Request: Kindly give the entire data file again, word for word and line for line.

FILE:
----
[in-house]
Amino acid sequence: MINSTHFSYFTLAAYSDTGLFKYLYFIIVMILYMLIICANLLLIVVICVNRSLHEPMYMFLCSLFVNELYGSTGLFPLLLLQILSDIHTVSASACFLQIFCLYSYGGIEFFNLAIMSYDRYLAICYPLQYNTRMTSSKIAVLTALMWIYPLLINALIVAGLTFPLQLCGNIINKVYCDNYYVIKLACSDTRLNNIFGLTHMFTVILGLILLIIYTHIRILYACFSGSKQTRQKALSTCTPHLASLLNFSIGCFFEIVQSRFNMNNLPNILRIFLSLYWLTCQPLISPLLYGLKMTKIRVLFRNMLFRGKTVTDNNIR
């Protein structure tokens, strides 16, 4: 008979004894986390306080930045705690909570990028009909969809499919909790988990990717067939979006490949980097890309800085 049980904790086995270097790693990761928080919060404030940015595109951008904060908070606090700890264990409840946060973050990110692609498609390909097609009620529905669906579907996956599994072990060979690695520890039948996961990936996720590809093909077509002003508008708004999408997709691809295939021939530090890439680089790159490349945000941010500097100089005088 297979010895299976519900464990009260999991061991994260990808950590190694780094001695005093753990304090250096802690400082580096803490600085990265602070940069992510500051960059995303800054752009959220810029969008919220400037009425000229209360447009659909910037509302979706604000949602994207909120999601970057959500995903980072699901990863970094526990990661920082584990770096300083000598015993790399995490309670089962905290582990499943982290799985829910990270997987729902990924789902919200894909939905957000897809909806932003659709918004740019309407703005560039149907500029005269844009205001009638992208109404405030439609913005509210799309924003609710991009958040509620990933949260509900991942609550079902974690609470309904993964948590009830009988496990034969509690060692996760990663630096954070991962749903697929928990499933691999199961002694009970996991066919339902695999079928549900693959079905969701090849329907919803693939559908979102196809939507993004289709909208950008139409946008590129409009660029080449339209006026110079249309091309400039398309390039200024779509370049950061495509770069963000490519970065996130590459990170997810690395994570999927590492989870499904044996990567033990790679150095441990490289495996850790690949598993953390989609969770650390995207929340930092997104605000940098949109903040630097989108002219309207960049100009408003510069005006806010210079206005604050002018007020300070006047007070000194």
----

[in-house]
Amino acid sequence: MINSTHFSYFTLAAYSDTGLFKYLYFIIVMILYMLIICANLLLIVVICVNRSLHEPMYMFLCSLFVNELYGSTGLFPLLLLQILSDIHTVSASACFLQIFCLYSYGGIEFFNLAIMSYDRYLAICYPLQYNTRMTSSKIAVLTALMWIYPLLINALIVAGLTFPLQLCGNIINKVYCDNYYVIKLACSDTRLNNIFGLTHMFTVILGLILLIIYTHIRILYACFSGSKQTRQKALSTCTPHLASLLNFSIGCFFEIVQSRFNMNNLPNILRIFLSLYWLTCQPLISPLLYGLKMTKIRVLFRNMLFRGKTVTDNNIR
């Protein structure tokens, strides 16, 4: 008979004894986390306080930045705690909570990028009909969809499919909790988990990717067939979006490949980097890309800085 049980904790086995270097790693990761928080919060404030940015595109951008904060908070606090700890264990409840946060973050990110692609498609390909097609009620529905669906579907996956599994072990060979690695520890039948996961990936996720590809093909077509002003508008708004999408997709691809295939021939530090890439680089790159490349945000941010500097100089005088 297979010895299976519900464990009260999991061991994260990808950590190694780094001695005093753990304090250096802690400082580096803490600085990265602070940069992510500051960059995303800054752009959220810029969008919220400037009425000229209360447009659909910037509302979706604000949602994207909120999601970057959500995903980072699901990863970094526990990661920082584990770096300083000598015993790399995490309670089962905290582990499943982290799985829910990270997987729902990924789902919200894909939905957000897809909806932003659709918004740019309407703005560039149907500029005269844009205001009638992208109404405030439609913005509210799309924003609710991009958040509620990933949260509900991942609550079902974690609470309904993964948590009830009988496990034969509690060692996760990663630096954070991962749903697929928990499933691999199961002694009970996991066919339902695999079928549900693959079905969701090849329907919803693939559908979102196809939507993004289709909208950008139409946008590129409009660029080449339209006026110079249309091309400039398309390039200024779509370049950061495509770069963000490519970065996130590459990170997810690395994570999927590492989870499904044996990567033990790679150095441990490289495996850790690949598993953390989609969770650390995207929340930092997104605000940098949109903040630097989108002219309207960049100009408003510069005006806010210079206005604050002018007020300070006047007070000194």